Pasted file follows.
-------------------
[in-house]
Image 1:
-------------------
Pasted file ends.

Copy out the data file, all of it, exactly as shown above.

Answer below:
[in-house]
Image 1: